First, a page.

When I was applying for the Kiva Fellows Program, it wasn’t particularly easy getting detailed information about the whole application and interview process. For the sake of anyone interested in being a Kiva Fellow in the future, I hope Google’s SEO will bring you to this page.
If you’re reading this, I assume that you already know about the Fellowship and what it entails. For further details, please refer to the KFP site. Three Fellowship classes are shipped out a year, consisting of 25-30 Fellows each. The exact dates are updated regularly on this page
Also, if you’re trying to figure out if you have the right profile Kiva is looking for, this extract from Kiva’s website pretty much sums it up:
Kiva encourages applicants with substantial cross-cultural immersion experience and backgrounds in business, finance, international development, community engagement, outreach, and consulting to apply. As the program expands, there are many diverse kinds of Kiva Fellows. Not only does the fellowship vary in where the fellows serve, but also in the nature of their work. That said, Kiva has accepted applicants with a wide range of backgrounds and experiences: MBAs, film-makers, professionals transitioning careers, lawyers, public policy researchers, consultants, financial planners, firefighters, engineers and former US soldiers are among the program alumni. Ages range from the minimum of 21 through 60+ years old.
Entire process, in a nutshell:
- Round 1 – Get your supporting documents ready and submit an online application. Take this very seriously, as the rigor of the process is comparable to a full-time job application. You want to have a solid resume, personal statements and strong references. Make sure you are clear about the job requirements, and what you will be getting yourself into. This may include things like showering with bucket, communication through only charades and hanging up a mosquito net. After this point, folks in Kiva HQ will be screening through applications and selecting second-round candidates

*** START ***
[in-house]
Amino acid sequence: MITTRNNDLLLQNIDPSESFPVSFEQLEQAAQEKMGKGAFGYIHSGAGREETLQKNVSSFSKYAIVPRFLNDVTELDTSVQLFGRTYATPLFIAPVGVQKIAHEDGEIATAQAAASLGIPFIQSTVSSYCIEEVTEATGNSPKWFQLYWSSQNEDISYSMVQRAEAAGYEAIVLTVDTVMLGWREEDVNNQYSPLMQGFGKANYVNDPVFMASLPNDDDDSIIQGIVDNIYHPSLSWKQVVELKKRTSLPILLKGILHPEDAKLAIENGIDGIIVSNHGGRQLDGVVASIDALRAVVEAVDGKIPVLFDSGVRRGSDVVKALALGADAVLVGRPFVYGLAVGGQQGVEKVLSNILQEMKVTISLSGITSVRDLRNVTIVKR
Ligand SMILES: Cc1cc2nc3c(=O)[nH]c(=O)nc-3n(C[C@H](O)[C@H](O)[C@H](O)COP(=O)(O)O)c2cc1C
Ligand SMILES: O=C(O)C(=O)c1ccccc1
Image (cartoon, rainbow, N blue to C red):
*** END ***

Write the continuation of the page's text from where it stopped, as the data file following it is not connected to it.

- Round 2 – If you make it through round one, the second round will be an interview with Kiva Fellow alumni. Having been through the program, ex-Kiva Fellows will recognize what it takes to be out alone in the field. Be prepared to talk about why you want to become a Kiva Fellow, and how your experiences thus far makes you a solid candidate for the program. Include examples of spontaneous problem-solving, initiative-taking and most importantly cross-cultural experiences (essential skillset for every Kiva Fellow).
- Round 3 – If you make it through round two, the third round will be an interview with the Kiva staff. I believe the key thing to articulate here will be any international experiences, and occasions where you showed leadership initiatives. Be prepared to fully explain your perspective of what the role of a Kiva Fellow is, as they would want to know that you are fully cognizant of the responsibilities out in the field. Questions may also be more behavioral in nature. Such a question could look like this – “If you conduct a Borrower Verification and find out that he/she is using the loans to pay off medical bills for a sick family member instead of the original intention, what would you do?” Also, I highly encourage you to remain open to whatever they throw your way – for example, “Are you willing to serve as a Kiva Fellow in (insert country that makes you nervous)?” Honestly though, I think a Kiva Fellow should be open to anything at all because out in the field, every day is a surprise.
Once you make it through all 3 rounds, it is placement time! While Kiva takes into account your preferences, note that they also have to send Fellows into regions which need urgent attention. Like I said, it’s all a big surprise and you have to keep an open mind. Personally, I expected to get placed in a Latin-America country, but ended up getting sent to Tajikistan. Great. I don’t speak Tajik/Russian, and know little about Central Asia; but hey, I can’t even pronouce TAK-jee-ki-STAHN correctly – it has to be an amazing experience.
It is also important to note that the Fellowship is an unpaid stint, which means you have to figure out your own way to raise the funds required for the duration of the program. Depending on where your starting location is, flights in and out of San Francisco (training) + field location, visas, immunization etc. could add up – so do your research before-hand and have an idea of where you will be getting the required funds.
+ shoutout to Robert Luchsinger (KF 22/23) for being a great help through the process!